The majority of companies struggle with this granularity of global patient evidence capture. Typically this is because their designated teams lack the awareness or training to recognise the issues, and/or make appropriate judgement calls (in partnership with trial sponsors) to shore up the value of international COA data.

Yet COAs are critical to the progression of clinical trials. And, although there isn’t a legal requirement for standard approaches to translation and linguistic validation, the major health authorities – certainly EMA, FDA and PMDA in Japan – support best practice in the interests of quality and patient safety.

Although there isn’t a legal requirement for standard approaches to translation and linguistic validation, the major health authorities support best practice.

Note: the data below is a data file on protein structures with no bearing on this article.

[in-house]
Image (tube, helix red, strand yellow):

Linguistic validation is inexpensive and the word counts are not typically onerous, even with the rising interest in proactive early patient consultation, so this shouldn’t be a difficult situation to address. More often than not the issue is a practical one: (a) failure to consider the requirement early enough in the cycle to allow the time to manage it, and/or (b) a lack of internal capability.

This is where a specialist language services provider can really add value – knowing exactly what to look out for, and able to make informed recommendations to firms or CROs, upholding the integrity of patient feedback and ensuring that the patient voice is properly heard and amplified effectively when it is needed the most.